Exclusivity is a great growth hack when you can’t accommodate tons of customers during your launch, or if you want to rev up the interest for a new product or service. People tend to want something that’s only available in limited quantities or spots.
Dropbox is my go-to example for growth hacking. The company used free storage space to convince customers to spread the word about the service. If you want to get the full scoop, check out the video I created about Dropbox’s amazing growth hack.
12 Best Growth Hack Techniques and Tips to Boost Conversions
If you’re ready to try growth hacking tactics and strategies now, I’m going to give you 12 places to start. Use these techniques to boost conversions, but also to build growth in all other areas of your business.
Growth is often linked to sales, but other metrics matter too. For instance, if you’re getting more social media followers, collecting more email addresses, and getting more comments on your blog, your business is growing in different ways.
Let’s take a look at my top 12 growth hacking strategies. You can start any one of them today.
1. Find social media platforms your competitors aren’t using
If you’re in a competitive industry, you might not be able to dominate Twitter or Facebook. Consider looking for smaller social networks, such as Profit.ly for stock traders or The Dots for creatives.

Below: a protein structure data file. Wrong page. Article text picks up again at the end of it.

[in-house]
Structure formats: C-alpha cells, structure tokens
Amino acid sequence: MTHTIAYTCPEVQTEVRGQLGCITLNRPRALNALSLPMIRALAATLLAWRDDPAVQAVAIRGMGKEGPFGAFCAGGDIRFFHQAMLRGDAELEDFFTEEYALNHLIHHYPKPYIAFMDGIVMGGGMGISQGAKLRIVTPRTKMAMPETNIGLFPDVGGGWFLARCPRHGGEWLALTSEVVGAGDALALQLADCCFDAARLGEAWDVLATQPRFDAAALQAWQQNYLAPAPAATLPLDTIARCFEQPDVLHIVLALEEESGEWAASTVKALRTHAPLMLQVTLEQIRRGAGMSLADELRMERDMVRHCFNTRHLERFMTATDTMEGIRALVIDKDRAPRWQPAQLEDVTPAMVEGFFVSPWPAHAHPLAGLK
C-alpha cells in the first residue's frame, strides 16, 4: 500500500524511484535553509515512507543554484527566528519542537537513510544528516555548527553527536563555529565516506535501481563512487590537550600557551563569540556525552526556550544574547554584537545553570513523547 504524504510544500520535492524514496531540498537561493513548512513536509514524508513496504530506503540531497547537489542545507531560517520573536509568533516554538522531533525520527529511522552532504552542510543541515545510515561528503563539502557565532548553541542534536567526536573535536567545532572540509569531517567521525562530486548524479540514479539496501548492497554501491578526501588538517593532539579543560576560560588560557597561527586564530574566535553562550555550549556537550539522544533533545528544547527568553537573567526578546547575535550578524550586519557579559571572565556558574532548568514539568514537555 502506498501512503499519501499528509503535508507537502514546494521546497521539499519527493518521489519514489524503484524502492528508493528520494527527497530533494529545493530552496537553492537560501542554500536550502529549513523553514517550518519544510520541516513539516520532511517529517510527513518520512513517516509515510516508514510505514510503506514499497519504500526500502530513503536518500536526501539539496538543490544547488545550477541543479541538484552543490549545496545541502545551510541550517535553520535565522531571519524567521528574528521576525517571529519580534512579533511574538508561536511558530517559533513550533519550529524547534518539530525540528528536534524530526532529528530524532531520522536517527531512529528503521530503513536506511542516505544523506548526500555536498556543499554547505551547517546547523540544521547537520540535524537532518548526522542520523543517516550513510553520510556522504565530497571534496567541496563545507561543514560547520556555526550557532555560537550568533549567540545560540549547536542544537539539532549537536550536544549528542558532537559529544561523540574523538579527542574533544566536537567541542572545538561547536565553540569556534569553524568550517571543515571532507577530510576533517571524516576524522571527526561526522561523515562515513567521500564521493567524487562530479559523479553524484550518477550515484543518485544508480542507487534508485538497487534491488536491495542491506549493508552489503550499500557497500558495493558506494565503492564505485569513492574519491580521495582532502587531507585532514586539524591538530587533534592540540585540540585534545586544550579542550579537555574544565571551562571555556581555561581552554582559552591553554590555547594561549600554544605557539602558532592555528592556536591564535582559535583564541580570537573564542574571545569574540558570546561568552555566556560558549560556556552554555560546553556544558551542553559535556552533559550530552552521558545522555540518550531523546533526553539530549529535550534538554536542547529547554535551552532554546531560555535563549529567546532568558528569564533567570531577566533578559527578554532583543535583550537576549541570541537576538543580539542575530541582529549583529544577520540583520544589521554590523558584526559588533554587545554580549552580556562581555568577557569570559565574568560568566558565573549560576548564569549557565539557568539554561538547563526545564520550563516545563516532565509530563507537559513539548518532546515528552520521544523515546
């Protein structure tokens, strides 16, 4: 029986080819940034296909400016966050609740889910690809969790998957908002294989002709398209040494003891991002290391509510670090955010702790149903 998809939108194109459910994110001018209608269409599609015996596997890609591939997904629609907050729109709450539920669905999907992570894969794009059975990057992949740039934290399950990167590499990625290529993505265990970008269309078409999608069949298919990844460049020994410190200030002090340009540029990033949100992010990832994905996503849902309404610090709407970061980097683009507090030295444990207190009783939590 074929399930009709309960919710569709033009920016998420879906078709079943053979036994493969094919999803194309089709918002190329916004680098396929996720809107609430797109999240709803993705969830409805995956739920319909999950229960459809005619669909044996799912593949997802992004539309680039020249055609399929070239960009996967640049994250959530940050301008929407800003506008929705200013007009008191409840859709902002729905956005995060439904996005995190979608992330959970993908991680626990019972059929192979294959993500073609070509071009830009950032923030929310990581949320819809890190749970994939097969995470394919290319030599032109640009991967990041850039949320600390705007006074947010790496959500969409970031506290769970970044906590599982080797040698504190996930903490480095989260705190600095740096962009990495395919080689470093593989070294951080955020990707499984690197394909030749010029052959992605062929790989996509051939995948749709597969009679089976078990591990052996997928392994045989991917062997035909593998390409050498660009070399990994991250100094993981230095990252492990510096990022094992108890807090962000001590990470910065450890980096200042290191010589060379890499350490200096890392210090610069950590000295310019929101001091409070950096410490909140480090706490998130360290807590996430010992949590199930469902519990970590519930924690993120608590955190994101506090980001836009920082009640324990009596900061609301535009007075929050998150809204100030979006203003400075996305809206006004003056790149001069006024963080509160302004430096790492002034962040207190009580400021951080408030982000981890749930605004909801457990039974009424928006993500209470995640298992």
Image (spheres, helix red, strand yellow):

When you can dominate a social media platform over your competitors, you have unfettered access to your audience. Additionally, you can funnel traffic from your website to the social platform and vice versa, creating a nice environment for making good use of your audience.
There are lots of ways to approach this growth hack. Maybe you’ve heard your audience members talking about a site, so you investigate it. Then you start posting. Before you know it, you have a rabid fan base.
2. Partner with another company to share audiences
Speaking of audiences, partnerships are the unsung heroes of the growth hacking world. If you have an audience of 50,000 members and another entrepreneur in a related field has an audience of 50,000 members, you can work together to reach 100,000 people.
You’re not looking for a direct competitor. Instead, focus on finding a business that complements your own. For instance, maybe you sell homemade pet food. You could partner with a business that sells pet toys or personalized collars.
Reach out to prospective partners with an email or phone call.